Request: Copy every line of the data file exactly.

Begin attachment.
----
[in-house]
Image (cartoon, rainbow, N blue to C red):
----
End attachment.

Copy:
[in-house]
Image (cartoon, rainbow, N blue to C red):